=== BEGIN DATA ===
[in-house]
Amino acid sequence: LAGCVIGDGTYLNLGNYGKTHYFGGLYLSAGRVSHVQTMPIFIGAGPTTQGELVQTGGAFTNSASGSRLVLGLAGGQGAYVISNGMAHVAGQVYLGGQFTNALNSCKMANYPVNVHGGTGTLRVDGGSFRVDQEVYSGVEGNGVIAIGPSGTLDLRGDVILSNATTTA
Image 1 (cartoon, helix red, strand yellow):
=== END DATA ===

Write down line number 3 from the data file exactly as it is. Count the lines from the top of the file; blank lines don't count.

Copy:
Image 1 (cartoon, helix red, strand yellow):